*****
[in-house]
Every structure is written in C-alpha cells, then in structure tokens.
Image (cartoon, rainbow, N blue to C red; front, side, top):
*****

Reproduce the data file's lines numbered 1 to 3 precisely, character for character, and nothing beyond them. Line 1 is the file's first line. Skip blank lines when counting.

[in-house]
Every structure is written in C-alpha cells, then in structure tokens.
Image (cartoon, rainbow, N blue to C red; front, side, top):